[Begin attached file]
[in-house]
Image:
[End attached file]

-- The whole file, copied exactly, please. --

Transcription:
[in-house]
Image: